Any decent compiler can trivially get rid of the dead code. (There are probably better ways to check the "swap conformance", but that is not the point. What matters is that it's possible).

Second, some types might perform "unusual" actions in the copy constructor and copy assignment operator. For example, they might notify observers of their change. I deem this a minor issue, because such kinds of objects probably should not have provided copy operations in the first place.

Please let me know what you think of this approach to swapping. Would it work in practice? Would you use it? Can you identify library types where this would break? Do you see additional problems? Discuss!

share|improve this question
    
Most present use cases for std::swap will have better solutions using move semantics anyway. –  aschepler Feb 2 '11 at 14:23
    
Yes move semantics and move constructors. See this, stackoverflow.com/questions/4820643/… –  Michael Smith Feb 2 '11 at 14:40
2  
consider swap(*polymorphicPtr1,*polymorphicPtr2)... your swap function would swap the vtable of both objects aswell... wich will cause havoc if someone calls a virtual function ofter the call to swap. –  smerlin Feb 2 '11 at 14:41
    
@smerlin: But polymorphic objects really should not have copy constructors or assignment operators, right? –  FredOverflow Feb 2 '11 at 14:51
1  
@smerlin: Actually, yes :) C++0x provides a std::is_polymorphic type trait. –  FredOverflow Feb 2 '11 at 15:20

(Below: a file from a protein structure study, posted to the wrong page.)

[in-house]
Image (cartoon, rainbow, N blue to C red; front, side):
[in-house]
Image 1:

5 Answers 5

up vote 20 down vote accepted

So why not simply write a swap template that does exactly that: swap the object representations*?

There's many ways in which an object, once being constructed, can break when you copy the bytes it resides in. In fact, one could come up with a seemingly endless number of cases where this would not do the right thing - even though in practice it might work in 98% of all cases.

That's because the underlying problem to all this is that, other than in C, in C++ we must not treat objects as if they are mere raw bytes. That's why we have construction and destruction, after all: to turn raw storage into objects and objects back into raw storage. Once a constructor has run, the memory where the object resides is more than only raw storage. If you treat it as if it weren't, you will break some types.

However, essentially, moving objects shouldn't perform that much worse than your idea, because, once you start to recursively inline the calls to std::move(), you usually ultimately arrive at where built-ins are moved. (And if there's more to moving for some types, you'd better not fiddle with the memory of those yourself!) Granted, moving memory en bloc is usually faster than single moves (and it's unlikely that a compiler might find out that it could optimize the individual moves to one all-encompassing std::memcpy()), but that's the price we pay for the abstraction opaque objects offer us. And it's quite small, especially when you compare it to the copying we used to do.

You could, however, have an optimized swap() using std::memcpy() for aggregate types.

share|improve this answer
    
s/praxis/practice/ ;-) Also, it would be nice to add a link to the POD/aggregate FAQ. –  FredOverflow Feb 2 '11 at 14:58
1  
@Fred, my dictionary says that "praxis" is a perfectly valid English word. Isn't it? English is not my native language, but I'm curious. –  Sergey Tachenov Feb 2 '11 at 15:05